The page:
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Royal Air Force opens new Hawk maintainer facility

21st November 2023 - 10:11 GMT | by Norbert Neumann in London


The RAF Hawk T2 fast jet training aircraft’s Rolls-Royce engine has been experiencing technical issues which was expected to reduce the force’s training pipeline capacity. (Photo: BAE Systems)

Amid ongoing challenges with technical issues in the Rolls-Royce engines of the Royal Air Force's Hawk T2 fast jet training aircraft, the service has inaugurated a new maintenance training facility.

The Royal Air Force (RAF) has opened a new £1 million (US$1.2 million) training facility to train ground crew maintainers for the service’s Hawk trainer aircraft fleet.

Hawk manufacturer BAE Systems and the RAF have transformed a bay previously used for engine maintenance at the station into a facility. The training centre has been set out to equip Babcock International apprentices with the skills to support ejection seat training for pilots at the station.

BAE Systems and Babcock have been responsible for providing availability support to the Hawk T2 fleet based at RAF Valley.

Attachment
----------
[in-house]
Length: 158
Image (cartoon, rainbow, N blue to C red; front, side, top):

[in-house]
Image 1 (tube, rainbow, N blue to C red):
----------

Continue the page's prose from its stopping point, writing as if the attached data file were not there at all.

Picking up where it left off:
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‘This investment by the RAF and BAE Systems underlines our long-term commitment to Anglesey and will ensure we continue to deliver a pipeline of talented young people, many of whom are from the island, to support the Hawk fleet for generations to come,’ said RAF Valley station commander Group Captain Matt Hoare.

The facility has formed part of an 11-year contract awarded to BAE Systems and Babcock in April 2022 which will see the two companies deliver maintenance and operation support to the RAF’s Hawk TMk2 fleet, ensuring jets are made available to train student pilots for the Eurofighter Typhoon, F-35 and future combat aircraft. The contract also covered the provision of depth maintenance to the RAF’s aerobatic display team, the Red Arrows, which flies the Hawk TMk1 aircraft.

The RAF Hawk T2 fast jet training aircraft’s Rolls-Royce engine has experienced technical issues which were expected to reduce the force’s training pipeline capacity over the coming years. BAE Systems has remained tight-lipped on potential upgrades or changes to the jet's engine. 

In a bid to mitigate disruption to fast jet training, the UK has decided to begin using the International Flight Training School (IFTS) in Italy. The IFTS, a collaborative effort between the Italian Air Force and Leonardo, has served as a global hub for advanced military pilot training. The school has catered to air forces from around the world, providing training for pilots operating various fourth- and fifth-generation aircraft such as the Eurofighter Typhoon and F-35.

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Norbert Neumann


Norbert Neumann

Norbert is the Aviation, Military Training & Simulation reporter at Shephard Media. Before joining Shephard in …

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